Exploring the material costs of ignoring the “S” in ESG

Webinar Overview

Investors and project proponents are using Environmental, Social, and Governance (ESG) standards to evaluate project risks to anticipate or prepare for positive or negative impacts on their business. Although environmental and governance measures are well articulated in the industry, social measures remain ambiguous–that is, a company’s ability to manage their relationship with Indigenous groups, communities, suppliers, employees, and customers. This presentation explores the material impact on share price and project certainty that can ensue when social risks are not identified and managed using real-case examples. Furthermore, we will explore ways to identify and manage these risks for better business performance and offer insights in remaining socially diligent post COVID-19.

Chelsie Klassen, Global director, Indigenous Engagement, Hatch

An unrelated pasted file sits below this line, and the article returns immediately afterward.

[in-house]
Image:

Growing up in Northern Ontario, Chelsie connects her humble roots to all aspects of her work by listening intently and integrating stakeholder feedback into major project design. Her empathetic and proactive approach ensures that local cultural traditions are respected and social risks are managed. Chelsie has more than twelve years of experience in Indigenous collaboration, community engagement, land negotiations, issues management, and communications that spans across several sectors including nuclear, water power, chemicals, oil, natural gas, mining, and infrastructure. She holds a Bachelor of Arts degree in economics and a Masters of Arts in conflict management, allowing her to advance the business needs of her clients with an acute focus on public reputation. She’s worked with numerous stakeholders including Indigenous groups, local communities, government, media, C-suite executives, project teams, industry associations, and local suppliers. As a testament to her strengths, Chelsie was acknowledged as a 2020 United Nations Young Innovator for her work with Indigenous communities and was recognized by Oilweek magazine as the Rising Star for outstanding leadership in communications.

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